This simple instruction can be found disguised in different masks. For the Class of 2022, Harvard Business School’s essay question was “As we review your application, what more would you like us to know as we consider your candidacy for the Harvard Business School MBA program?”
Stanford’s, on the other hand, is simply “What matters most to you and why?” and “Why Stanford?”
In this section of the MBA statement of purpose, avoid clichés such as
My name is John and I am from Texas. Your aim is to grab their attention. Make them decide to read the essay instead of skimming through it. Tell an intriguing, authentic, and relevant story. It can be anything from working on a major project in your company to closing your first deal, however small.
It does not have to be big if you do not have big stories (yet) but the positioning must be correct. Share a perspective and a reflection to tell them why you included this story here and what it means in the context of your application.
Prompt 2: Why did you apply to this university/program?
Now that you have their attention tell them why you believe the university is a good fit for you, and why you believe you are a valuable addition to the program. Many students tend to write romantic sentences here, such as
I have been dreaming of attending this school since I was a child.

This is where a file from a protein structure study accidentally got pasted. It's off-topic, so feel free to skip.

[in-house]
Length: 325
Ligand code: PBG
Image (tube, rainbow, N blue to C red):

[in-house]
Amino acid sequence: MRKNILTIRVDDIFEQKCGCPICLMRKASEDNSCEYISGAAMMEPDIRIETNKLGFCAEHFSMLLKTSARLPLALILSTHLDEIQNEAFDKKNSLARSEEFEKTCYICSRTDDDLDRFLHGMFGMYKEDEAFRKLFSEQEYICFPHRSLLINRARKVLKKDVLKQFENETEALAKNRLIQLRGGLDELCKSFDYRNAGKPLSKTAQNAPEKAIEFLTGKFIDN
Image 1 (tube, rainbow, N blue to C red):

Unfortunately, the admission team is not interested in that and similar information. They are professionals who need you to speak their language.
Share your career goal, and if possible, the industry that you are interested in, For example, HR management in the Oil and Gas industry, then connect that to specific aspects of the program. This connection shows the admission team that you are invested enough to go through the details of the program and that you are insightful enough to be able to see the actual value that this program brings to your career.
Prompt 3: Why are you a good fit for this program?
Think about what value you bring to the program. In this section, you must focus on your business achievements. If you have worked on a very complex project, assisted in a major merger, financed an airport, or simply taken broader responsibilities, then, this is the time to mention that.
But remember, while it may seem impressive, it is unlikely to sell on its own because all other applicants will have similar stories. So, think about what can you add to this section to strengthen your case.
Do you come from an ethnic minority? (play this card tactfully), did you overcome certain adversity that gave you a different strength or perspective? (again, play this card tactfully. Speak from a position of power as opposed to that of a victim. Perhaps you have completed a project while volunteering in rural India?
Leave the reader with a distinct flavor. Something that only you can bring to the table.
Prompt 4: Describe some of your achievements and setbacks